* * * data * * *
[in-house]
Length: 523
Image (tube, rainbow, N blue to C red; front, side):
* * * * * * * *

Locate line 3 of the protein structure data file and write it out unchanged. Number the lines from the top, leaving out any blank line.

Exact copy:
Image (tube, rainbow, N blue to C red; front, side):